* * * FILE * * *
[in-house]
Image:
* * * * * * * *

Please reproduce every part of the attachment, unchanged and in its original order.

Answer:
[in-house]
Image: